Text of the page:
Leadership is a matter of intelligence, trustworthiness, humaneness, courage, and discipline … Reliance on intelligence alone results in rebelliousness. Exercise of humaneness alone results in weakness. Fixation on trust results in folly. Dependence on the strength of courage results in violence. Excessive discipline and sternness in command result in cruelty. When one has all five virtues together, each appropriate to its function, then one can be a leader. — Sun Tzu
When viewed academically, leadership is a behavior that is studied, with many models and theories dissecting its psychological underpinnings into a number of defined and accepted characteristics. However, even with these accepted characteristics, practical leadership is a difficult thing to comprehend; because not only must the individual possess many of the accepted characteristics, they must also possess some instinct as to who/what/when/where/why&how to apply them.
For instance, given the need to delegate a task to an individual, “the when” is likely highly depends on “the what” (the task) and the “who” (the individual). In the simplest sense, one individual may be more prepared at that moment for the task; but, in fact, this individual may not receive the task because “the where” may take him/her away from a current local project. It is up to the leader to evaluate the possibilities and make a decision with the highest positive outcomes and lowest (anticipated) negative consequences.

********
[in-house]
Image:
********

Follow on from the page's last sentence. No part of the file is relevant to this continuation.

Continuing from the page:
To complicate matters, this scenario is probably one of the simplest that the practical leader faces, and is just one of many that they are facing at any given moment in time. Thus, the inner-workings of a leader, and the manners in which they are applied in multi-dimensional circumstances, may never be fully understood. The good news is that the practical leader doesn’t particularly care. They just lead, and like anything else, they become better at it through experience. Consequently, it is up to each leader to identify their personal leadership characteristics to capitalize on strengths and improve upon weaknesses.